Novel Approaches in Prostate Cancer Treatment - Episode 7
Dan George, MD: I want to go back to some of the patients that Chris described, some of the older, frailer patients, or the really young, healthy patient, but the patient with that rapid PSA [prostate-specific antigen] doubling time in the traditionally imaged occult nonmetastatic setting. I agree, that’s a misnomer. We’re going to consider this really low metastatic disease burden. But Chuck, there’s been 3 studies now, big randomized studies that have demonstrated some clinical benefit to early androgen receptor-targeted therapies. Do you want to summarize some of that data for us, and give us your take on how you think about this field now and how it’s evolving?
Charles Ryan, MD: Sure. As everybody knows, we now have essentially 4 novel hormonal targets for CRPC [castration-resistant prostate cancer] available—abiraterone, enzalutamide, apalutamide, and darolutamide. Three of these drugs were tested in randomized placebo-controlled trials in the nonmetastatic setting. Abiraterone was tested in this setting but not with a placebo control. Essentially, what was demonstrated is that, and I’m just going to speak in aggregate about the space, placebo treatment in the setting of a relatively high-risk nonmetastatic setting leads to the development of metastasis in a period of around 17 months to 18 months.
Treatment with darolutamide, apalutamide, and enzalutamide all prolong those profoundly, in the range of about 40 months for darolutamide, for example, which is the most recent approval. There’s no question that these drugs are active in that space. What’s emerging now are the data on, well, what does that mean in the long run, in terms of when do patients, if they do develop bony-related pain, when do they develop a decline in quality of life and those type of things. There are some data that are emerging that are worth talking about.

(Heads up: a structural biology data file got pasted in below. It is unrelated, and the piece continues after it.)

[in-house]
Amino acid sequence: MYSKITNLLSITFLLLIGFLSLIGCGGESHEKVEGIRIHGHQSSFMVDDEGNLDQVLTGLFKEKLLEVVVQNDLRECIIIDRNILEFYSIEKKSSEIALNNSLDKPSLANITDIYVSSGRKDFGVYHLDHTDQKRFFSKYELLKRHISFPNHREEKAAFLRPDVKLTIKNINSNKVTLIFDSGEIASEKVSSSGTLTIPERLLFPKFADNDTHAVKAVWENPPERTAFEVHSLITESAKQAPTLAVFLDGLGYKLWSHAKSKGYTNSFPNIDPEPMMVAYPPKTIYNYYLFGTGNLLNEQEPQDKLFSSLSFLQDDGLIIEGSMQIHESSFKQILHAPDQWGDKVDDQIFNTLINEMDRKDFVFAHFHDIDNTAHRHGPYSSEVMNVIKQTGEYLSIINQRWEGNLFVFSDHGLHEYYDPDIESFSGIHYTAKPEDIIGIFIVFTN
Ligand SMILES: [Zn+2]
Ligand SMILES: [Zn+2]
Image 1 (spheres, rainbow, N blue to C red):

Let me focus on the ARAMIS trial, which is the most recent study in this space and the most recent approval. To get to Chris’s point, these patients had a short PSA doubling time, and I believe this is relatively true for all of these studies. The median for the ARAMIS study was 4.4 months. So these are patients who are going to develop a metastasis. These are patients, many of whom are likely to die of prostate cancer ultimately.
Dan George, MD: Or they’d have occult metastases already. We just don’t see it yet.
Charles Ryan, MD: I would say that they do have occult metastases, yes. It’s not nonmetastatic. It’s not visually metastatic CRPC. The metastasis-free survival with darolutamide is 40 months compared to 18 months with placebo. The PSA progression-free survival, so the time until the PSA rises, is relatively quick—7 months in the placebo arm, 33 months in the darolutamide arm. What that’s telling us is that patients are getting 2+ years of disease control out of these agents.
The data were updated by Dr Karim Fizazi, MD, PhD, at ASCO [the American Society of Clinical Oncology annual meeting] in 2019, demonstrating that reductions in quality of life were delayed with therapy. In other words, what we need to look into is if the disease at this point isn’t hurting the patient, we want to make sure that the treatment is not hurting the patient. I think that’s a key point. All these drugs have adverse effects. All of them are hormonal therapies that can induce some fatigue, hypertension, and rash in the case of apalutamide. So these come at a cost.
But the QOL [quality of life] data, for example, demonstrated that with placebo, the median time to quality of life deterioration was 14 months. That’s pretty consistent with the metastasis-free survival. The time to pain, or the pain-free survival, was about 40 months, for example, in the darolutamide-treated patients. They go a long time before they begin to have symptoms of the disease. All of those are important clinical variables. The time to quality of life deterioration in the darolutamide-treated patients was about 23 months. When you put that together aggregately, it says there’s a pretty good case to be made for treating versus not treating nonmetastatic CRPC. I think there are a lot of open questions about when exactly to start that treatment, how to integrate the novel imaging, and which of the 4 drugs to choose. That’s something that we, as a field, have to wrestle with for a while.
Transcript Edited for Clarity